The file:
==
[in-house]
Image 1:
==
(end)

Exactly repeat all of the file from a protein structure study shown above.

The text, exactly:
[in-house]
Image 1: